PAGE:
Tourism in Nagarjunakonda

Visiting Nagarjunkonda is like journeying into the past. At one end stands, in the words of Pt Jawaharlal Nehru, "one of the greatest temples of modern India"-the Nagarjunsagar Dam-and at the other end is the glistening green island, Nagarjunkonda, containing treasures of the priceless heritage of an ancient civilization.

Archaeologically, Nagarjunkonda is considered to be very important as nowhere else in the country can one find such a vast expanse of Buddhist ruins-a complete metropolis of a well developed civilization that had continuous human habitation. The ruins are visible today in the island-museum in their reconstructed form based on what was salvaged from the riverbed. But for the remarkable rescue efforts of the Archaeological Survey of India (ASI), the history of two thousand years would have been lost forever in a watery grave. The ASI moved the monuments to safer sites before the submergence.


Nagarjunsagar is about 160 km from Hyderabad in the south Indian state of Andhra Pradesh. Nagarjunkonda is perhaps India's first island-museum presenting a panorama of cultural and ethnic evolution in the lower Krishna river valley from the prehistoric age to medieval times.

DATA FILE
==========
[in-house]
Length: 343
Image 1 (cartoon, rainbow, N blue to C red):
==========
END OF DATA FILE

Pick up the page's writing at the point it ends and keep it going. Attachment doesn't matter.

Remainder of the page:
The ancient site of the metropolis-Sriparvata Vijayapuri, the bustling capital of the Ikshvaku dynasty flourished at the foot of Nagarjunkonda during the third and fourth centuries. They were great builders and patrons of art. During their time Buddhism flourished along with Brahmanism. The women of the royal household, as history has it, made large contributions to various Buddhist institutions. The Buddhist University founded by them had attained global recognition in those days and attracted students from as far as Burma and China. Large monasteries were built to accommodate visiting monks.

Nagarjunkonda gets it name from the noted Buddhist scholar and philosopher-Acharya Nagarjuna who is said to have founded the Madhyamika school of Mahayana Buddhism which greatly influenced the masses in Andhra Pradesh of those days. Subsequently the megalithic culture prevailing at that time in the region assumed new dimensions and one these traditions were building stupas, maha chaityas and so on.